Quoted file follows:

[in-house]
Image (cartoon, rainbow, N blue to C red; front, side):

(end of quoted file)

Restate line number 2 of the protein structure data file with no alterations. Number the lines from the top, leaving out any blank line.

Image (cartoon, rainbow, N blue to C red; front, side):